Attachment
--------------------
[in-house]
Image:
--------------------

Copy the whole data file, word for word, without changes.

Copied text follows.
[in-house]
Image: